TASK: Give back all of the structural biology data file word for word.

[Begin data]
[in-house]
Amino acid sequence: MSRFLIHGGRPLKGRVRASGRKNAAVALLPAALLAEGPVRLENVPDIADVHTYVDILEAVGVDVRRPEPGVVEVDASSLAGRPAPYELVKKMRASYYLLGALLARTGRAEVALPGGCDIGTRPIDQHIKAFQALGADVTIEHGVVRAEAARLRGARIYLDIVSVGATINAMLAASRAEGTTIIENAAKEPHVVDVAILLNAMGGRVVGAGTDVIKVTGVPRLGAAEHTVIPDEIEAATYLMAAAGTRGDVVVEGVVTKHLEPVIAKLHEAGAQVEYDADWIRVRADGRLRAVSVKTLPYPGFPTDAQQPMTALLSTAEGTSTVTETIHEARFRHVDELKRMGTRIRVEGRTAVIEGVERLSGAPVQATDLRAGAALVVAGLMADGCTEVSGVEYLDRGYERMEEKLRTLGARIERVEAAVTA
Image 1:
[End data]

[in-house]
Amino acid sequence: MSRFLIHGGRPLKGRVRASGRKNAAVALLPAALLAEGPVRLENVPDIADVHTYVDILEAVGVDVRRPEPGVVEVDASSLAGRPAPYELVKKMRASYYLLGALLARTGRAEVALPGGCDIGTRPIDQHIKAFQALGADVTIEHGVVRAEAARLRGARIYLDIVSVGATINAMLAASRAEGTTIIENAAKEPHVVDVAILLNAMGGRVVGAGTDVIKVTGVPRLGAAEHTVIPDEIEAATYLMAAAGTRGDVVVEGVVTKHLEPVIAKLHEAGAQVEYDADWIRVRADGRLRAVSVKTLPYPGFPTDAQQPMTALLSTAEGTSTVTETIHEARFRHVDELKRMGTRIRVEGRTAVIEGVERLSGAPVQATDLRAGAALVVAGLMADGCTEVSGVEYLDRGYERMEEKLRTLGARIERVEAAVTA
Image 1: